As it called for an international investigation into what it described as a “terrorist attack,” the Ukrainian government said on Saturday that it was compiling evidence to prove that Russia orchestrated an explosion at a Russian detention camp that killed dozens of Ukrainian prisoners.
Since the explosion late Thursday at the camp in Russian-controlled territory in eastern Ukraine, both sides have traded accusations over what was the source of the blast that killed at least 50 prisoners, many considered national heroes after being captured during a siege of a steelworks in the coastal city of Mariupol.
Russian officials claimed that Ukraine had attacked the prison themselves, to deter defectors, while the Ukrainians authorities rejected the narrative as absurd and said that the deaths were a premeditated atrocity committed by Russian forces from within the prison, where survivors have described deplorable conditions and ritual abuses.
Mykhailo Podoliak, an adviser to Ukraine’s president, told The New York Times that expert analysis of photos and videos released by Russia indicated that the center of the explosion was inside the building, with the building’s exterior practically undamaged.
“Any military expert will say the consequences of the explosion are not similar to a missile or artillery strike,” he said.
Russia’s defense ministry on Saturday maintained its claim that the Ukrainians had killed their own soldiers using precision-guided, American-made missiles, known as HIMARS, to strike the prison camp in Russian-controlled territory in eastern Ukraine.
The competing claims could not be immediately independently verified.
A senior U.S. military official, speaking about the Russian assertions of a HIMARS attack on the camp, said on Friday that Washington had seen no evidence to support those claims.
Mr. Podoliak said that Ukrainian prisoners had been moved to the barracks where the explosion occurred only days before the incident and said it was suspicious that no Russian soldiers or workers at the prison were injured.
He accused Russia of moving debris from other locations where the Ukrainians have hit targets using HIMARS to the prison camp before the explosion.
“This, as well as the speed and organization of Russian propaganda, indicates that the terrorist attack was planned,” he said. “The purpose of this despicable terrorist attack was to cover up the previously committed Russian war crimes against prisoners, discredit the armed forces of Ukraine, disrupt the supply of Western weapons and create tension in Ukrainian society.”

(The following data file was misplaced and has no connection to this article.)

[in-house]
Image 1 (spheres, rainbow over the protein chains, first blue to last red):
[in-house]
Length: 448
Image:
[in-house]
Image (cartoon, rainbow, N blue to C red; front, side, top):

He also tied it to the international agreement to start shipping grain from Ukraine’s ports, saying that it sent a clear message that Russian assurances to allow cargo to move out safely could not be trusted.
Tetiana Kravchenko, a Ukrainian rights activist whose organization has been in contact with prisoners in the camp, said they could release only limited information about what they have learned to protect the safety of those being held there.
She said one Ukrainian prisoner had called his wife on Thursday night and reported hearing an explosion around 11 p.m.
“Not shelling, but just an explosion,” Ms. Kravchenko said, adding that she had a recording of the call. “He also said that two of his friends were taken out of the prison, where he is, earlier on the same day when the explosion happened.”
One of his friends was injured in the blast and another was killed, she said. Soldiers held in other parts of the camp have also relayed similar accounts of to their own family members, Ms.Kravchenko said.
She said witnesses from the camp did not recognize the barracks where the explosion took place, suggesting that it was in a part of the compound not used to house prisoners.
The prison camp, she said, is divided into two large squares, with a road cutting through the middle. On one side are a dining room, church, administrative building and barracks. On the other side is an industrial zone where prisoners do not visit.
Gen. Kyrylo Budanov, the commander of Ukraine’s military intelligence service, said on Friday that construction of the barracks in the industrial zone had been completed two days before and that prisoners had been moved there just before the explosion.